A decade ago I worked in the venture capital team at Reuters, a company then famous for only hiring smart people, and I saw first hand the dangers of only working with clever people. The smart folk at Reuters would embark on projects that they thought were in the company’s best interests and make strong arguments why they should get more funding and keep going. They were also smart enough to get themselves invited to all the key meetings that might effect their project so they were present to make their strong arguments when it counted. The problem was that there were lots of smart people doing exactly the same thing, with the result that there were loads of projects protected by their clever sponsors and the company could never rally around the best ones. Sclerosis set in.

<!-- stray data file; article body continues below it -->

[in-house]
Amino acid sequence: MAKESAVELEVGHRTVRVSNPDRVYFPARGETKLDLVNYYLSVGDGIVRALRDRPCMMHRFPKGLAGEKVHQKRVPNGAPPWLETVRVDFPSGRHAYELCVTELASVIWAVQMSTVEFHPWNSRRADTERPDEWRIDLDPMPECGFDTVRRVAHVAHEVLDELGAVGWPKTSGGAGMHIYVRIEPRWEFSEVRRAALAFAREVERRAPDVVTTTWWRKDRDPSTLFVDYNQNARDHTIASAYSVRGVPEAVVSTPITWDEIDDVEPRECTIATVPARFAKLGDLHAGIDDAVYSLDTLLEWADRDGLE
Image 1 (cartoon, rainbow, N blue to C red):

There’s a good post up this morning about the Curse of smart people which explains this problem more generally:
Smart people have a problem, especially (although not only) when you put them in large groups. That problem is an ability to convincingly rationalize nearly anything.
Rationalisation is a powerful tool, but it gets dangerous when used to justify decisions or opinions that are in fact made for emotional or intuitive reasons, particularly when there is a lack of data. In my next venture capital job after Reuters I saw this first hand from a colleague who I still rate as one of the smartest I’ve ever worked with. He knew he was smart too. However, in the heat of one deal, which he wanted to get done for emotional reasons he let his intelligence get the better of him and rationalised the deal in a way that he wouldn’t have let anyone else get away with. When I pointed it out to him he got emotional and started questioning my ability.
I’m now of the firm opinion that smarts without a high degree of self-awareness and emotional intelligence can be very dangerous.